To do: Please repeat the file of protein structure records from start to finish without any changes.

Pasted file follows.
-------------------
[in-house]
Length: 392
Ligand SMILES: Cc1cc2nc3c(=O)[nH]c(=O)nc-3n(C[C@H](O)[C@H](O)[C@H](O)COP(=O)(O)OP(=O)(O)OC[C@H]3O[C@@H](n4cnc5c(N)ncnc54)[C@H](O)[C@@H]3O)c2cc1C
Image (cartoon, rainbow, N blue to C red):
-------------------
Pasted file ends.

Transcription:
[in-house]
Length: 392
Ligand SMILES: Cc1cc2nc3c(=O)[nH]c(=O)nc-3n(C[C@H](O)[C@H](O)[C@H](O)COP(=O)(O)OP(=O)(O)OC[C@H]3O[C@@H](n4cnc5c(N)ncnc54)[C@H](O)[C@@H]3O)c2cc1C
Image (cartoon, rainbow, N blue to C red):